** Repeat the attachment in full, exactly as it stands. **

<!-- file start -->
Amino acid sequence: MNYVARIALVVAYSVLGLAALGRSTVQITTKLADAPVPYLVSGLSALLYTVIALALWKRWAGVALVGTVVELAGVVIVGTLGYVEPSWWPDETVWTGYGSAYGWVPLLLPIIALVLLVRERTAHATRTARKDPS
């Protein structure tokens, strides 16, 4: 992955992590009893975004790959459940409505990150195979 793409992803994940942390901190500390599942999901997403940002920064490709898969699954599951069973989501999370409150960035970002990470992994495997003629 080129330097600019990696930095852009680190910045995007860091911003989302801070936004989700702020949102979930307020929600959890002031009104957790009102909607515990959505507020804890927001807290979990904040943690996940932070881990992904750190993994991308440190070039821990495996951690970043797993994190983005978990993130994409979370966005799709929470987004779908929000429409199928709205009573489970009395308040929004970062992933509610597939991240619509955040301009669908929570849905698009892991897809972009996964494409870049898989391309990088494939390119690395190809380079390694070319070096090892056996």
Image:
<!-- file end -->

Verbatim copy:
Amino acid sequence: MNYVARIALVVAYSVLGLAALGRSTVQITTKLADAPVPYLVSGLSALLYTVIALALWKRWAGVALVGTVVELAGVVIVGTLGYVEPSWWPDETVWTGYGSAYGWVPLLLPIIALVLLVRERTAHATRTARKDPS
């Protein structure tokens, strides 16, 4: 992955992590009893975004790959459940409505990150195979 793409992803994940942390901190500390599942999901997403940002920064490709898969699954599951069973989501999370409150960035970002990470992994495997003629 080129330097600019990696930095852009680190910045995007860091911003989302801070936004989700702020949102979930307020929600959890002031009104957790009102909607515990959505507020804890927001807290979990904040943690996940932070881990992904750190993994991308440190070039821990495996951690970043797993994190983005978990993130994409979370966005799709929470987004779908929000429409199928709205009573489970009395308040929004970062992933509610597939991240619509955040301009669908929570849905698009892991897809972009996964494409870049898989391309990088494939390119690395190809380079390694070319070096090892056996």
Image: